As we previously discussed, EMV technology is coming to the United States. In cased you missed it, you can read our Intro to EMV here. There are quite a few incentives that the card brands are hoping will be enough for everyone to adopt the technology as soon as possible. We will discuss some of these incentives below.
Security for All
Currently, the obvious reason to update your terminals to be EMV capable is to better protect everyone who makes payments in person with their cards. As more and more merchants begin to utilize these EMV terminals, the amount of card present fraud drastically decreases. The reason this is possible is because the EMV chip technology makes it incredibly difficult to manufacture counterfeit cards. A card thief would need to find a way to break the EMV security, as well as have the means to manufacture a card with a chip on it; an expensive endeavor that is often not worth their time or money.
It is important to remember that EMV is not the answer to everything and will not stop all fraud. In fact, using EMV as part of a Point to Point Encryption system is the most secure way to use the technology. Furthermore, as EMV adoption grows, fraud will move to other channels such as online transactions which are commonly referred to as Card Not Present.
It can make a significant impact though, in the UK where this technology is already adopted a study by Financial Fraud Action UK reported that fraud on cards has gone down nearly 50%, an amount of nearly £260 million!
The Liability Shift
One of the reasons to adopt the EMV technology is that Visa and Mastercard are introducing a “liability shift” in October of 2015. This liability shift means that if a chip enabled card is presented to you and you do not have a machine that is chip capable, your organization can be held liable for any fraud losses that occur. On the other side, if you have a chip enabled terminal and someone pays without an EMV chip card, the liability can stick with the bank that issued the card. Through this liability shift, the card brands are hoping it will encourage merchants to put down the cash for a new terminal, as in the long run it will likely cost less than all of the fees for fraud losses that may stack up over time.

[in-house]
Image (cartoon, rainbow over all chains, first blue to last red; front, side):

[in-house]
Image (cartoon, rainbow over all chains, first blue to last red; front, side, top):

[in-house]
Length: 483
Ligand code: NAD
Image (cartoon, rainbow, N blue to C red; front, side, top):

A final reason to adopt EMV, and one that many organizations are quite excited about, are new programs from Visa and Mastercard regarding EMV and PCI Compliance. Visa is launching a new program titled the Technology Innovation Program (TIP) to the U.S. The TIP program waives an annual PCI-DSS audit if 75%of the merchant’s Visa transactions are processed through a dual contactless and contact EMV certified device. MasterCard is also introducing their PCI-DSS Compliance Validation Exemption Program to the U.S. which functions in the same way. More information can be found on Visa’s TIP program here.
As time moves on, upgrading your terminals for your card present transactions will be critical to making sure you are in the best position possible once the liability shift happens in October 2015. It is never too early to start planning, so now is a great time to take a look at your organization and ask a few questions. Do you have terminals? How many? Do your current terminals accept chip cards and contactless payments?
Asking these questions will help you to be sure whether or not you will need to upgrade to protect yourself and your cardholders. It will also help you to estimate what upgrading may cost for your organization, and it can be expensive. Just be thankful you are not in Target’s shoes. They are spending over 100 million dollars to upgrade their terminals in advance of the liability shift due to their recent compromise.
Let us know in the comments below what you think about EMV, or if you plan to upgrade your terminal before the liability shift in October 2015.
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